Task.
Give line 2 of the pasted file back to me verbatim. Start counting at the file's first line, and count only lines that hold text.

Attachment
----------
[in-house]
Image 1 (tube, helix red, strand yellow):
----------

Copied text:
Image 1 (tube, helix red, strand yellow):